• According to a 2002 article by Lester Brown, aquifers are depleting all over the world—in China by 2-3 meters per year. In the US, the Ogallala aquifer is shrinking rapidly. In India, aquifers are going down by 3 meters per year, in Mexico by 3.3 meters per year.
  • 263: The number of rivers that either cross or demarcate international political boundaries, in addition to countless aquifers. According to the Atlas of International Freshwater Agreement, 90 percent of countries in the world must share these water basins with at least one or two other states. Major conflicts such as Darfur have been connected to water shortages, and lack of access to clean water.
  • 1430: Gallons of water per capita in the United States; only 100 gallons of that is household use per person as most is used for agriculture, according to water expert Peter Gleick.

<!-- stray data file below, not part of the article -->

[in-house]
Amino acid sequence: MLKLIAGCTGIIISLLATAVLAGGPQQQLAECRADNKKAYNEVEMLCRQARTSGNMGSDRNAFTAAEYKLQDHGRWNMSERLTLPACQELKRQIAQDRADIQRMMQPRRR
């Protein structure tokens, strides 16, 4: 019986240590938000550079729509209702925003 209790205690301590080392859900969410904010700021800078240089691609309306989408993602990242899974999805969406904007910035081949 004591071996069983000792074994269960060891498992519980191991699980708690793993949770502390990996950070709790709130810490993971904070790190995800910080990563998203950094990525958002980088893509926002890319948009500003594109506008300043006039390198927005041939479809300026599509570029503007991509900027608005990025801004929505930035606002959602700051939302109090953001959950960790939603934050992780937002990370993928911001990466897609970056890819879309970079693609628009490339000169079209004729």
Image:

• 88 percent: Of deaths from diarrhea are caused from unsafe drinking water, inadequate availability of water for hygiene, and lack of access to sanitation; this translates to more than 1.5 million of the 1.9 million children under five who perish from diarrhea each year. This amounts to 18% of all under-five deaths and means that more than 4,000 children are dying every day as a result of diarrheal diseases.
  • $11.3 billion: The amount of money required to provide basic levels of service for drinking and waste water in Africa and Asia.
  • $35 billion: the amount of money spent on bottled water in the most developed countries in the world.
  • 1.5 million: Barrels of crude oil used for making PET water bottles, globally. This is enough oil to fuel 100,000 American cars for a year.
  • 2.7 tons: The amount of plastic used to bottle water. 86 percent of those bottles become garbage or litter.